Wednesday, 27 February 2019 13:30

Who’s right?

Written by 

Did minister David Parker say it? Opposition’s Nathan Guy thinks so.

National’s agriculture spokesperson Guy alleged in Parliament that Trade Minister Parker told the EU Agriculture Commissioner and his trade delegation that “hungry sharemilkers screw everything out of their cows and allow them to s*** in our rivers”.

Guy asked Parker at a meeting in Wellington last week whether he had said that. Parker said he had not, but Guy said his sources said that the Minister did say that.

Parker charged that Guy was “misinterpreting comments that I think he’s heard third- or fourth-hand”. 

“The meeting with the European Commission included the issue of nutrient pollution,” Parker said. “Some of the farm groups at the meeting, I think, were somewhat shocked to hear the European Commission say that the commission had required the Netherlands to cull 100,000 cows because they exceeded their nutrient pollution guideline.”

 

More like this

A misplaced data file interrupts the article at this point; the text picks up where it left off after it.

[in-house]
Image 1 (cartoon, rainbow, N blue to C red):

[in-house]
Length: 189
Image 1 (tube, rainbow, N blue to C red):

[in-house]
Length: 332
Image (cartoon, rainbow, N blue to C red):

Hero or hypocrite?

Your old mate was interested to see Trade Minister David Parker recently hailing the success of the revamped TPP trade deal.

Benefits coming from revamped TPP deal

NZ exporters are among the first to benefit from the Comprehensive and Progressive Agreement for Trans-Pacific Partnership (CPTPP) which took effect at the beginning of the new year.

Farmers under the microscope

Farming has been under the microscope this month with three heavyweight Government reports — on water quality, climate change and Mycoplasma bovis — all appearing in just three days.

Parker praises industry leaders

Farming leaders are stepping up to the mark on climate change and water quality, says environment and trade minister David Parker.

 
 

» Latest Print Issues Online

Milking It

Find me on Tudder

A Tinder-inspired app called Tudder is helping farmers to match their cattle with suitable mates — by swiping right on…

Cow toilet

A farm equipment manufacturer is developing a toilet for cattle and has revealed that cows can be trained to use…

 
 

» Connect with Dairy News